Welcome to the Inova Saville Cancer Screening and Prevention Center

All men are at risk for prostate cancer. The older a man is, the greater his chances. Symptoms may not be obvious at first, as the cancer is often slow growing. However some prostate cancers are aggressive and can spread to other tissues and organs of the body. Fortunately, with early detection, the survival rate for prostate cancer is very good.

Importance of Prostate Cancer Screening

While prostate cancer may not cause any symptoms in its early stages, symptoms and signs of prostate cancer may include:

  • Frequent urination, often at night
  • Weak or interrupted urine flow or feeling the need to strain to empty the bladder
  • Blood in the urine or semen
  • Erectile dysfunction
  • Pain or burning during urination

These symptoms may also be caused by other medical conditions not related to cancer. It is important to schedule a screening with your provider to be sure.

Screening: What to Expect

Two tests commonly used to screen for prostate cancer are:

  • prostate-specific antigen (PSA) test
  • digital rectal examination, in which your healthcare provider feels the prostate with a gloved finger and checks for any abnormalities

About the PSA Screening Test

The PSA (Prostate-Specific Antigen) test measures the level of prostate-specific antigens, a substance made by the prostate, in the blood. Levels of PSA in the blood can be higher in men who have prostate cancer, although high PSA levels may also be due to other conditions affecting the prostate.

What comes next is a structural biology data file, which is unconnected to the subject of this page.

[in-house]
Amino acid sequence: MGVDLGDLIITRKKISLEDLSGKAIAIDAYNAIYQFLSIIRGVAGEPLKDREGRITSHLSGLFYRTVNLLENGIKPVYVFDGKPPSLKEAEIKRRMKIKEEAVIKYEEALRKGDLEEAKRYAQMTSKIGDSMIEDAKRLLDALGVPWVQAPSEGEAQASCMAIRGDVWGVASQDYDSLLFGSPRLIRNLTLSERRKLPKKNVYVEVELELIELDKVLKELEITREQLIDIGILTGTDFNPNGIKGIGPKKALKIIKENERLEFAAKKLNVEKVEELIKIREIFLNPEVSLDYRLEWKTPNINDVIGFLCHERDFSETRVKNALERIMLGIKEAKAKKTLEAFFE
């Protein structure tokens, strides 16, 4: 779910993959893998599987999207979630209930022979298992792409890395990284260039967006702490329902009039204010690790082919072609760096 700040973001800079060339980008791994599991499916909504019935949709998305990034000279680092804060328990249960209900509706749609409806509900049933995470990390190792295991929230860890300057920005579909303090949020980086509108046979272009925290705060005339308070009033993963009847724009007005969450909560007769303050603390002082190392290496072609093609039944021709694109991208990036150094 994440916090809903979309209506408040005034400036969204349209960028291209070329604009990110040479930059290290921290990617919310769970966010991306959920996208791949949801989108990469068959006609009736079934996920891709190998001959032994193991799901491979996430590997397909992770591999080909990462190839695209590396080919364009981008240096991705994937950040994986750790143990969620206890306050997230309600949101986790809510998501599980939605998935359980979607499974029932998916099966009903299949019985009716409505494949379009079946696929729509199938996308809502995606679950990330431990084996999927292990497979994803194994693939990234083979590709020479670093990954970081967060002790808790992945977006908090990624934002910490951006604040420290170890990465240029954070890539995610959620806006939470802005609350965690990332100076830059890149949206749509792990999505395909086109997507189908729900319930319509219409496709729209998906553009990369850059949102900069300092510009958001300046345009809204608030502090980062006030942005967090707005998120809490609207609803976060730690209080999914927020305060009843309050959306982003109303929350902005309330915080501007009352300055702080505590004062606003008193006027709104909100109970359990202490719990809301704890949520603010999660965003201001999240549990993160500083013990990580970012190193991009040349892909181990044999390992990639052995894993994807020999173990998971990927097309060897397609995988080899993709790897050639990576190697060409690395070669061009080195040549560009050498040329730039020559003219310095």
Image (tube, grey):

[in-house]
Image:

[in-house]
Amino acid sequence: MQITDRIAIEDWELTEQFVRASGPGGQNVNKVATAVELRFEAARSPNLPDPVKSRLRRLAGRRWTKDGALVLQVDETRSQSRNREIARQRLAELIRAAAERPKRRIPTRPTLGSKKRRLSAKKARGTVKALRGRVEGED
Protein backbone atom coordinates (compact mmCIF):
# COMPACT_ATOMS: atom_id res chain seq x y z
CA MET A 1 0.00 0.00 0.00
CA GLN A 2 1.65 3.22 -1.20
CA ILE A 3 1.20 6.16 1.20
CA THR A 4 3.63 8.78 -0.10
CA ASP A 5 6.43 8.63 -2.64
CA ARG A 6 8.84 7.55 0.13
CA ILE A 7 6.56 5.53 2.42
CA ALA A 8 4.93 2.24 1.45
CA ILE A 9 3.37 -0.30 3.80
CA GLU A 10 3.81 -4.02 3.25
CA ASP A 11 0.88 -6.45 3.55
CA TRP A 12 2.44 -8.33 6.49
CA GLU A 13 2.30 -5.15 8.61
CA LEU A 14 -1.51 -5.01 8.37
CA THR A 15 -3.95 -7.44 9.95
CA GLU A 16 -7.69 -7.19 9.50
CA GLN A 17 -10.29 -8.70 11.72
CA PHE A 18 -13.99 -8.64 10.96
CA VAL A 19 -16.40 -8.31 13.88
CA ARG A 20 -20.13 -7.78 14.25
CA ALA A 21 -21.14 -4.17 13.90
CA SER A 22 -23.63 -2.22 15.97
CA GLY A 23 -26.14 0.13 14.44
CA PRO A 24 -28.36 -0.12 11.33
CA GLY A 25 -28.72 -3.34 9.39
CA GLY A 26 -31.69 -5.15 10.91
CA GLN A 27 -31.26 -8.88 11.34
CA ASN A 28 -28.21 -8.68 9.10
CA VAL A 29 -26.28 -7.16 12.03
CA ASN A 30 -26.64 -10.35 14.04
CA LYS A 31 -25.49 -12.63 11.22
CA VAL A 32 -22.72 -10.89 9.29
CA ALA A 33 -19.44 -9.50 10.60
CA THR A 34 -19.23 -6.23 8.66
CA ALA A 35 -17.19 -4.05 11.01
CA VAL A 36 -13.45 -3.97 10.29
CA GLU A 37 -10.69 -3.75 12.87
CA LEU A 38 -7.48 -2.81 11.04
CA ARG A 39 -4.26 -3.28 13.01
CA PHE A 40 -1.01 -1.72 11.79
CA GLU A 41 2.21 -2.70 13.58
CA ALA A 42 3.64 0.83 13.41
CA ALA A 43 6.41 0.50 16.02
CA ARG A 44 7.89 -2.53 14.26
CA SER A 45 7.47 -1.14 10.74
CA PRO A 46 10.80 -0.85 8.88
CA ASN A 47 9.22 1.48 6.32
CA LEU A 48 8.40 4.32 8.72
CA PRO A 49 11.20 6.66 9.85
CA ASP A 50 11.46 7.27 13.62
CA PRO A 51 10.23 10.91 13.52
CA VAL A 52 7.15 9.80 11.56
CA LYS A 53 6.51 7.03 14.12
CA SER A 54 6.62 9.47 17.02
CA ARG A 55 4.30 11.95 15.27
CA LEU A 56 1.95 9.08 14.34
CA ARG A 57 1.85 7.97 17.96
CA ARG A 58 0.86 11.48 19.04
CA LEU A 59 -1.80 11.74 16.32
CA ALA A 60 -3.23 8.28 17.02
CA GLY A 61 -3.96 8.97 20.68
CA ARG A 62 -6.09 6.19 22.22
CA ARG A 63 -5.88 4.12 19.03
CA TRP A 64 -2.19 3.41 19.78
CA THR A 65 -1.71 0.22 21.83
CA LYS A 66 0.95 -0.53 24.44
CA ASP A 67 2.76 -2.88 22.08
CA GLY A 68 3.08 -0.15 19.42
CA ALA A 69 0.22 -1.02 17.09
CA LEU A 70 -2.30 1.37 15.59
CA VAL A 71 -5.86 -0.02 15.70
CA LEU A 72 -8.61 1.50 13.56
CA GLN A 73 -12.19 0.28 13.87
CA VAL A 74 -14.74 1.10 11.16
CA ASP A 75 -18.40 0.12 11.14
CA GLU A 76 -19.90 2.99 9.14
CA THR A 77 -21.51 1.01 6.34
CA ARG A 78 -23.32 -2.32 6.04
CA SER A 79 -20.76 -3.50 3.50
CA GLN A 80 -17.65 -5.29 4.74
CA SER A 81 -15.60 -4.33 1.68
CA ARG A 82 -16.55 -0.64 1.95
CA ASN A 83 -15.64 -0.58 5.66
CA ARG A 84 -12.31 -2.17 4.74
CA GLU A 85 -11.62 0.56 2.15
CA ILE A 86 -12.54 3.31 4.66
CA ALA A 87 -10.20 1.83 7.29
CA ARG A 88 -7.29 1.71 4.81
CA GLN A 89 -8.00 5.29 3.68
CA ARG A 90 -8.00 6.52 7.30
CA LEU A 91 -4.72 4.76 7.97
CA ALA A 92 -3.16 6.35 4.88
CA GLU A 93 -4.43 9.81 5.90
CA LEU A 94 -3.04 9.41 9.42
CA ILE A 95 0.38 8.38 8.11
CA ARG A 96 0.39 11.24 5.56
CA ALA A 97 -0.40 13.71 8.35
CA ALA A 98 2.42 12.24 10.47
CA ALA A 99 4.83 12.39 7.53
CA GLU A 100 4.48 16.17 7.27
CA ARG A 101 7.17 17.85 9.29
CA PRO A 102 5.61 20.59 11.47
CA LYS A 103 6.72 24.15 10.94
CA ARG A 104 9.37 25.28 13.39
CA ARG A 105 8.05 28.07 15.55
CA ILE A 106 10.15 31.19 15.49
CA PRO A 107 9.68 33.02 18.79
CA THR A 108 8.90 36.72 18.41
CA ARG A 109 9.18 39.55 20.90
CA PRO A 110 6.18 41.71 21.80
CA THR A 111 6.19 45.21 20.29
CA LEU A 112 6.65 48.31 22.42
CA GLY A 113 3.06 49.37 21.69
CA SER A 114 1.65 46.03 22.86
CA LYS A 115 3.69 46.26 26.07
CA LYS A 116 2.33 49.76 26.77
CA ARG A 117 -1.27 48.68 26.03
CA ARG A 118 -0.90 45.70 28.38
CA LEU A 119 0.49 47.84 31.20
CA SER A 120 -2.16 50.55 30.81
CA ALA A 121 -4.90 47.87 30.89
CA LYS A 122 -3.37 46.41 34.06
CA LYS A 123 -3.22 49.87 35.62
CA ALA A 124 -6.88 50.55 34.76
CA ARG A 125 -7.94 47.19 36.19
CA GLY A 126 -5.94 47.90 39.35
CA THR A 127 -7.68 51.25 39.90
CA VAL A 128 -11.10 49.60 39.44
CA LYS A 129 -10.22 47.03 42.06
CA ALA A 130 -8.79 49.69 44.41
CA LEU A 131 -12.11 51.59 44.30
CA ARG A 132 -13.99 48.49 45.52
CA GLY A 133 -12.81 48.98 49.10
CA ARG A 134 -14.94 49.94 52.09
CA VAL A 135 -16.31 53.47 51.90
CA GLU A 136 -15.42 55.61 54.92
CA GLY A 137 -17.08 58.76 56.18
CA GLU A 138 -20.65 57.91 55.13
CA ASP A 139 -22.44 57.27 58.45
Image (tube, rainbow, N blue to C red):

Because many factors can affect PSA levels, your doctor is the best person to interpret your test results.

Inherited genetic variants are thought to contribute to 10 to 15% of prostate cancers. Our providers can perform genetic testing to develop a personalized risk assessment for you.

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FAQ - Prostate Cancer Screening

Prostate cancer is rare in men under 40, but the chance of having prostate cancer rises rapidly after age 50. About 6 in 10 cases of prostate cancer are found in men older than 65. African American men and Caribbean men of African descent experience higher rates.

Although research is ongoing as to what may cause prostate cancer, studies have found several possible risk factors. They include:

  • Genetic changes or variants
  • Diet
  • Obesity
  • Chemical exposures, such as exposure to Agent Orange
  • Family history of prostate cancer
  • Inflammation of the prostate or prostatitis

There are things you can do to decrease colon cancer risk. They include:

  • Eating a healthy diet (limiting red and processed meat, for example)
  • Knowing your family history
  • Having genetic testing, if indicated
  • Getting screened as directed by your provider
  • Exercising regularly
  • Maintaining a healthy weight
  • Not smoking
  • Limiting consumption of alcohol